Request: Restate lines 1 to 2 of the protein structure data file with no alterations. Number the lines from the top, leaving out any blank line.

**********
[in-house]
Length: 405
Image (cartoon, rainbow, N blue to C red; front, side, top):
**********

[in-house]
Length: 405